Jon Zurfluh

Some Thoughts about Crisis Planning

During the vacation, we have all been monitoring the situation in Ukraine and, of course, there is ongoing concern about the potential for escalation and other factors of the war some distance to our east.  Last Spring, we received and continue to receive supportive and helpful messages from the US Embassy as our partner keeping us informed.  To date, we have received only reinforcing notices of relative safety here in Poland.  But, we also have examined and continue to review our preparedness posture, using what we have learned from other recent events to evaluate risk and plan for action when it is required.  Our Crisis Plan is available for all to review and it is regularly updated.

One recurring question that has been hitting my desk recently is regarding the potential for nuclear-related incidents that might emerge.  A few parents and our staff have read news articles about local planning here in Poland for public safety in this regard.  It involves public health preparation for the distribution of potassium iodide in the case of a nuclear event.  Specific guidance has been distributed by the US Embassy on this topic and additional information is online, even though the continued guidance remains that this is unlikely.  But, as with our Crisis Plan, we must be prepared and our medical staff under WarsawMed has been in contact with local officials to make sure the school is part of the process should it be required.  Recent US Embassy guidance is provided and paraphrased as follows:

This Management Notice is part of the U.S. government’s longstanding policy to promote emergency preparedness.  It also complements the Polish government’s recently announced potassium iodide (KI) distribution plan through Fire Departments and Schools.  There is no known radiation threat to personnel, and the Embassy has not made any changes to its readiness posture.  The purpose of this notice is to provide additional information about emergency preparedness and planning.

As events continue to unfold in Ukraine and the surrounding region, the US Embassy Health Unit has received questions concerning the availability of potassium iodide (KI) prophylaxis as a protective measure against radioactive iodine (I-131) resulting from a radiological event.  The US FDA has concluded that the effectiveness of KI as a specific blocker of thyroid radioiodine uptake is well-established, as is the dose necessary for blockage.  As such, it is reasonable to conclude that KI will likewise be effective in reducing the risk of thyroid cancer in individuals or populations at risk for inhalation or ingestion of radioiodine.  The US FDA guidance is the definitive US guidance on medical aspects of KI prophylaxis.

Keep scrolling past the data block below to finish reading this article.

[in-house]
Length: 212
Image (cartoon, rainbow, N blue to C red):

In the event of an imminent risk for exposure, adults under the age of 40 will be given potassium iodide tablets with clear instructions in dosing, indications for use, side effects, and contraindications.  Clear instructions will also be provided for dosing with regard to children.  Potassium iodide tablets are not to be taken unless instructed to do so by Medical Staff operating under the relevant health authorities.

Depending on the proximity to the source of radioactive iodine, recommendations such as leaving the affected area or sheltering in place are far more important.  As various crisis plans prescribe, we urge staff and families to follow guidance from the Embassy and/or host nation authorities for these suggestions.

WarsawMed, on behalf of the school, has maintained contact with local authorities who control the supplies of potassium iodide (KI) to assure that we will have access in the Konstancin area which has jurisdiction for the schools in the area.  If you have questions regarding KI, you can reach out to aswhealth@aswarsaw.org with further questions.

New and Aspiring Board Member Training

Each year, I offer training sessions for aspiring board members. This can include preparing for a position on our Board of Trustees or preparing for service on other non-profit boards for charitable organizations. The training includes general information about serving on a board and specific information about how ASW governance works. The first session this year is Thursday, November 10 at 6:00p and is being presented virtually via Zoom so that you can participate from the location of your choice.

If you would like to participate, you can sign up by clicking here: 


The BoT is always seeking candidates to become new Trustees (U.S. citizens and Non-U.S. citizens) who could serve to fill open positions mid-year or run for elections in the spring. This also includes the potential to serve on board committees.  This process, overseen by the Board of Trustees Governance Committee is ongoing throughout the year. The link to that form is here: